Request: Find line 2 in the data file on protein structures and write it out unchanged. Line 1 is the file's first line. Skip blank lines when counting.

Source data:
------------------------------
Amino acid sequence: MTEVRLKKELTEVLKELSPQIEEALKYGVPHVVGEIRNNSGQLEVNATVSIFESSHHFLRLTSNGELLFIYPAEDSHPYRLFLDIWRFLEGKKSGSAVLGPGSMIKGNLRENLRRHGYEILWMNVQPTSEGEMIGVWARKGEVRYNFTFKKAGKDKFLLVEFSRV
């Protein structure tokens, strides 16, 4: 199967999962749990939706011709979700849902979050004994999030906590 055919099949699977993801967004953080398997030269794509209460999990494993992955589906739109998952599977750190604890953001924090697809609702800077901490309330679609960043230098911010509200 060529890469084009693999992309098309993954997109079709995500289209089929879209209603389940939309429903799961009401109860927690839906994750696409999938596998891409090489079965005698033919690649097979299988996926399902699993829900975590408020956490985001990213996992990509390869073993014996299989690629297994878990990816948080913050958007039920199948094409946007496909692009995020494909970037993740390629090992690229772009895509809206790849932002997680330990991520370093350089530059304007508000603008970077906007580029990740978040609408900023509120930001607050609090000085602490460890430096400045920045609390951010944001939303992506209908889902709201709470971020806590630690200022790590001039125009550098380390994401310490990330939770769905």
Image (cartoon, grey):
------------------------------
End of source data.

């Protein structure tokens, strides 16, 4: 199967999962749990939706011709979700849902979050004994999030906590 055919099949699977993801967004953080398997030269794509209460999990494993992955589906739109998952599977750190604890953001924090697809609702800077901490309330679609960043230098911010509200 060529890469084009693999992309098309993954997109079709995500289209089929879209209603389940939309429903799961009401109860927690839906994750696409999938596998891409090489079965005698033919690649097979299988996926399902699993829900975590408020956490985001990213996992990509390869073993014996299989690629297994878990990816948080913050958007039920199948094409946007496909692009995020494909970037993740390629090992690229772009895509809206790849932002997680330990991520370093350089530059304007508000603008970077906007580029990740978040609408900023509120930001607050609090000085602490460890430096400045920045609390951010944001939303992506209908889902709201709470971020806590630690200022790590001039125009550098380390994401310490990330939770769905």